Figure 5 — The eight NDCs examined in this analysis frequently included 14 climate solutions with substantial human well-being co-benefits (or that were specifically relevant for a given country). The countries that included such solutions are highlighted in black, and the solutions mentioned here were included either as part of mitigation strategies, adaptation strategies, or—for some countries—as both mitigation and adaptation strategies.
However, several of the impactful climate solutions identified in the Climate-Poverty Connections report that feature well-documented co-benefits for income and work, food security, water and sanitation, and health that are relevant to these eight countries—such as Small Hydropower, Micro Wind Turbines, Geothermal Power, Indigenous Peoples’ Forest Tenure, Grassland Protection, Reduced Food Waste, Abandoned Farmland Restoration, Multistrata Agroforestry, Silvopasture, Regenerative Annual Cropping, Tree Intercropping, and Family Planning and Education—were featured sparingly in the NDCs (see Figure 6; two of the 28 solutions, Temperate Forest Restoration and System of Rice Intensification, are not applicable in the eight countries). Featuring more of these double-duty climate solutions in the NDCs would result in stronger synergies for simultaneously meeting both climate and development goals in the eight countries.
In terms of greenhouse gas (GHG) emissions reduction and potential well-being benefits, the biggest available opportunity is for the countries to add Reduced Food Waste (which includes post-harvest food loss) (Figure 6) to their NDCs. Food waste accounts for 8-10 percent of global annual GHG emissions. In Africa, unintentional post-harvest food loss due to inadequate storage and poor food distribution networks stands at 14 percent. Including Reduced Food Waste as a climate strategy will not only help reduce emissions but will also contribute to strengthening food security (and improving health) in the eight countries.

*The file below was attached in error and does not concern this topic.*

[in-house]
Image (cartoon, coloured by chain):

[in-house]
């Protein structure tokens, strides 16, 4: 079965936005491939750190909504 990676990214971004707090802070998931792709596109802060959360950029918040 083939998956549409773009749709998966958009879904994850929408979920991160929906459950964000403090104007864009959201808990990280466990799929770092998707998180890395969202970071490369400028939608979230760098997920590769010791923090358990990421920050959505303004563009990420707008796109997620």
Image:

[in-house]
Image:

Family Planning and Education generates substantial human well-being benefits for health, education, income and work, food, and gender equality for individuals and families. In addition, one long-term outcome of rights-based voluntary family planning and education—slower population growth—translates to lower emissions over time at a global level (Figure 6).
Figure 6 — The eight NDCs examined in Project Drawdown’s analysis frequently omitted 12 climate solutions with notable human well-being co-benefits. The countries that included these solutions are highlighted in black. These solutions were included either as part of mitigation strategies, adaptation strategies, or—for some countries—as both mitigation and adaptation strategies.
Opportunity #3: Recognize the mitigation potential of agriculture and agroforestry climate solutions